- Married... with Children: Buck Bundy has taken Al and Bud for a drag more than once.
- The Amazing Race had a Detour from Season 5 that featured the teams walking a group of dogs through three checkpoints: it quickly turned into this.
- Happens briefly to Robbie Rotten with his Robot Dog in the "Woof! Woof! Woof!" song from the episode "LazyTown's New Superhero" on LazyTown.
- Happens regularly in the U.S. Marmaduke comic strip. The title character is a Great Dane, who does this even to adults.
- From The Family Circus, there is a line: "Wednesday's Child is full of woe" The picture is of Jeffy, being dragged along by one of the dogs saying, "Whoa, whoa, whoa"
- Happens in one of the stories in Mavis Beacon Teaches Typing, where the large dog drags the dog-sitter for a while in order to chase a squirrel. Then the tranquilizer kicked in, causing the dog to fall asleep in the park. Oh, and the sitter lost the keys to the house because of being dragged through the park.
- In maybe the only non-accidental case of this, Iggy Koopa in New Super Mario Bros. Wii rides around in a basket dragged by a large Chain Chomp (Mario guard dog equivalent) firing magic blasts at Mario. When he's hit, the Chain Chomp literally Turns Red, changes direction and charges, dragging the knocked out Iggy Koopa with it. Repeat scenario twice for one hell of an interesting boss battle.
- Baby Mario and Baby Luigi's special item in Mario Kart Double Dash!! is a Chain Chomp that pulls the kart along for a while and sends racers it hits flying; every so often it goes careening forward without any semblance of control.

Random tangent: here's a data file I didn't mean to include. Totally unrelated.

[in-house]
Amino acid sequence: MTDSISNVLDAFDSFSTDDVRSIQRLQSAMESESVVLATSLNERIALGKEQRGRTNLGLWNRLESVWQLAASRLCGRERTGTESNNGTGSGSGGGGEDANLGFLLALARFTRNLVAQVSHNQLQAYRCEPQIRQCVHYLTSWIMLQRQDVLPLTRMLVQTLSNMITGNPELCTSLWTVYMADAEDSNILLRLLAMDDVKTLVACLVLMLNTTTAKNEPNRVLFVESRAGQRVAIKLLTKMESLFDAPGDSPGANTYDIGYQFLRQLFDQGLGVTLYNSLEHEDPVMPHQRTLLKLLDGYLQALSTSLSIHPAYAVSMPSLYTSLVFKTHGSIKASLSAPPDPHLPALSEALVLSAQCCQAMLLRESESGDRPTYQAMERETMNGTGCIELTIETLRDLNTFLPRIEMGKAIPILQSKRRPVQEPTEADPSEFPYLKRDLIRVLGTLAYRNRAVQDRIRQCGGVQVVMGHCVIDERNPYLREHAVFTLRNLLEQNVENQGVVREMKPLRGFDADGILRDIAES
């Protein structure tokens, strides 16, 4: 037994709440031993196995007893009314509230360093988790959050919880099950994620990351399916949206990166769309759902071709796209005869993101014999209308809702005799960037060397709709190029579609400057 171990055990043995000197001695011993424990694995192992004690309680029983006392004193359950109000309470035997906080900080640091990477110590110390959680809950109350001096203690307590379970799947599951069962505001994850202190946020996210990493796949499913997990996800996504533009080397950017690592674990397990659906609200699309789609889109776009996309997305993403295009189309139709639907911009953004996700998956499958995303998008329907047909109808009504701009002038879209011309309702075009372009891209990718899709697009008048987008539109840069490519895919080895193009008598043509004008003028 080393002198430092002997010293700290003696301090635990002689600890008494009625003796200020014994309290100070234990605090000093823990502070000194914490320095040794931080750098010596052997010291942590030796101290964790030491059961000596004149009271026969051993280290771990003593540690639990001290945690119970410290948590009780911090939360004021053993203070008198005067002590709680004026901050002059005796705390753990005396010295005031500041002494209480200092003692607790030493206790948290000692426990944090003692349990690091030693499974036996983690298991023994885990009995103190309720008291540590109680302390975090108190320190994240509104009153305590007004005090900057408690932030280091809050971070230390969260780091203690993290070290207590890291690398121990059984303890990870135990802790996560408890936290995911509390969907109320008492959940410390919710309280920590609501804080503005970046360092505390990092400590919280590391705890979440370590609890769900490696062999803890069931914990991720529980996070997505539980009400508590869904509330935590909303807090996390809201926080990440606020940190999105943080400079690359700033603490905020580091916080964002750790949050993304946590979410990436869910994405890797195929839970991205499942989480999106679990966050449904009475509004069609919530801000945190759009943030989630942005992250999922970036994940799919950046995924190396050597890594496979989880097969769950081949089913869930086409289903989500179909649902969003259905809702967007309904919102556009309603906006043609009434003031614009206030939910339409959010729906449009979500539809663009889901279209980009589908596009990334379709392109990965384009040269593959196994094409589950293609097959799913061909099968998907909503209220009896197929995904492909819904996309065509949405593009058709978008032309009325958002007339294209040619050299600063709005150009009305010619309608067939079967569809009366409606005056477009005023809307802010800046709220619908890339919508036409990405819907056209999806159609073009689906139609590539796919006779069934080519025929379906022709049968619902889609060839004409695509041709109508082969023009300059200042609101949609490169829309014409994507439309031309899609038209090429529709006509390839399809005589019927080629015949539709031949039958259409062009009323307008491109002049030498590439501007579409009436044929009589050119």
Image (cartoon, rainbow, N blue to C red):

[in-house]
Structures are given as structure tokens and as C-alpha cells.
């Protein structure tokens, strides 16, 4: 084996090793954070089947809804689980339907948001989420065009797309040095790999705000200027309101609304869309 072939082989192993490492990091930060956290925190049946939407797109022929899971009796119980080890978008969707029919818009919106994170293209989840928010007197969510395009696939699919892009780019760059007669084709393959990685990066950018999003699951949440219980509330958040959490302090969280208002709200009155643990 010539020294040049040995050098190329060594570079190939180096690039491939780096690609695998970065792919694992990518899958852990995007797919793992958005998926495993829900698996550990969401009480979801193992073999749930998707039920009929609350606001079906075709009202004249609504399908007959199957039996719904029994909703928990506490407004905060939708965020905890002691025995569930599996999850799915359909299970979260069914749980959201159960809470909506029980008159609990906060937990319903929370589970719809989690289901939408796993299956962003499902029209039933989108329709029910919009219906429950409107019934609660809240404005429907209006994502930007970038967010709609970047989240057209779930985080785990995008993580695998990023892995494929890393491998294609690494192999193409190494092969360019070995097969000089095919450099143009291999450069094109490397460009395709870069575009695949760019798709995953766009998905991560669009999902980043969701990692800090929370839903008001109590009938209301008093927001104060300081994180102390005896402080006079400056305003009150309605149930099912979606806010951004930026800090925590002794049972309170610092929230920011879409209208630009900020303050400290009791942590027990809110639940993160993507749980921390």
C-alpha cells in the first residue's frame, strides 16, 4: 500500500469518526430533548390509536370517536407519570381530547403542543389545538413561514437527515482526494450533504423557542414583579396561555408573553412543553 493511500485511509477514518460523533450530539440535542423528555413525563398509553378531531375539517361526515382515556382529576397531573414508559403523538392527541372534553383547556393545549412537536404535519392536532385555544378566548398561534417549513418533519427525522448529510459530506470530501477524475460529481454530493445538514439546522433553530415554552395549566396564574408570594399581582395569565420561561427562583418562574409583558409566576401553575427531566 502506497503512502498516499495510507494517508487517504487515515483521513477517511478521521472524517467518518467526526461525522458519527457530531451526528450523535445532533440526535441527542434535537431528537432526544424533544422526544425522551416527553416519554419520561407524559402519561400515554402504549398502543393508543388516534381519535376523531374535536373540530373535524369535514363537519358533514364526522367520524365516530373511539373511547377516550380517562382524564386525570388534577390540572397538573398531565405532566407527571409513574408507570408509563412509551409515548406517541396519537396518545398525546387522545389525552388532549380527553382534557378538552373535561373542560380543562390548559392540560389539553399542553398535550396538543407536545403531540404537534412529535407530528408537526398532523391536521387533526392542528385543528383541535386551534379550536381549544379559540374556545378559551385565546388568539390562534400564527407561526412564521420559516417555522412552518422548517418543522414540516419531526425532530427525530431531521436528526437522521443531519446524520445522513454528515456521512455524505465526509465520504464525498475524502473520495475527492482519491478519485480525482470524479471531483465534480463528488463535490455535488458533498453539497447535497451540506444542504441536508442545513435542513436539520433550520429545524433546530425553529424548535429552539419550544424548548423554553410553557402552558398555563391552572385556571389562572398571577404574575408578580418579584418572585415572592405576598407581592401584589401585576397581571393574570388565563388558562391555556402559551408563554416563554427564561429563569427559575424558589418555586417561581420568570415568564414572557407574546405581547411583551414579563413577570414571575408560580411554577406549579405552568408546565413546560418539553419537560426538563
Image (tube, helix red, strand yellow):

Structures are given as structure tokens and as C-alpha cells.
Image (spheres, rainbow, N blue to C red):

- Koromaru of Persona 3 is implied to do this sometimes when taken for a walk by the main character and another member of SEES. The other character will occasionally make comments such as complaining that he's too fast or that trying to keep him up with him is great exercise, usually while panting for breath.
- There's an enemy in Mario & Luigi: Dream Team called a Walker Guy that falls into this trope, with it being a Shy Guy walking a Chain Chomp (the Mario equivalent to a guard dog). The Chomp's attack has it lunge across the screen multiple times with the hapless Shy Guy hanging on for dear life and said Shy Guy getting repeatedly battered across the floor in the process (complete with a fake out pause when the Shy Guy manages to pull the dog back a bit for about a second). The Mario bros can either take out the dog to cause the Shy Guy to run back to the other side of the arena, take out the Shy Guy to send the Chomp flying across the screen at random or take out both in the course of the same attack.
- Filia and Sampson from Skullgirls fight like this, having a symbiotic relationship and Filia not being able to control Sampson.
- Happens in the REDEARTH88 episode "Crazy Bitch", and is seen again from another viewpoint in the following episode, "Creepy Stalking 101". Bucket runs up to Linc, pulling Rachel along behind her. This is the first time they meet; they later go on a date.
- Batman: The Animated Series had this happen with Harley Quinn while she's walking the Hyenas... while she's on roller skates. (It was revealed that the animation team wanted it to eventually end up with a Hyena sticking its head in a baby carriage.)
- In the credits sequences for The Jetsons. One of the few times this sort of thing happens on a treadmill.
- Cerbee does this to Jimmy in the opening for Jimmy Two-Shoes.